Undocumented Aliens Receive Limited Medicaid Benefits


Changes in federal Medicaid rules adopted in 1996 made most immigrants—including even legal permanent residents—ineligible for health care benefits. For immigrants in the country legitimately eligibility for Medicaid services is not available until they have been legal permanent residents for five years. Undocumented aliens, on the other hand, can only qualify for emergency medical care.

The limitation on Medicaid coverage for undocumented aliens arguably has more effect on hospitals than on the noncitizens themselves. Since hospitals are generally required to provide care for anyone they admit, regardless of citizenship status, the legal and financial problems often develop after the care has been provided and the hospital (or other health care provider) seeks reimbursement from Medicaid.

That scenario is exactly what played out in three related cases decided recently by the Arizona Supreme Court. In each case, Phoenix-area hospitals had provided care to undocumented aliens and sought reimbursement from AHCCCS, the Arizona Medicaid program. In each case AHCCCS acknowledged coverage for the emergency medical condition on admission, but denied coverage after each patient had been moved from acute care to a hospital rehabilitation unit.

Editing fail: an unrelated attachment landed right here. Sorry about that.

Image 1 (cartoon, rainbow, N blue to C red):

AHCCCS maintained that its mandate was to provide emergency care only, and the fact that each patient had been stabilized medically (as evidenced by the move to a rehab unit) ended its liability. The hospitals argued that once AHCCCS acknowledged liability for a given patient’s care, it had to pay for that care until it was no longer medically necessary.

The Arizona Court of Appeals had ruled that once each patient’s medical condition had stabilized, Medicaid coverage should still be available if lack of medical care might lead to serious impairment of bodily functions or a serious health risk. The State Supreme Court disagreed, but remanded the cases for further fact-finding.

In the Supreme Court’s view, the important factual question is whether each patient still requires emergency medical care. That determination, in turn, depends on whether the patient’s condition is “acute” or “chronic.” Since the evidence at each trial had not focused on that question, the Court ordered further hearings to determine the nature of each patient’s condition. If the conditions remain “acute” even after transfer to the rehab unit, AHCCCS will be obliged to continue paying for the patient’s care. Scottsdale Healthcare, Inc., v. AHCCCS, August 21, 2003.

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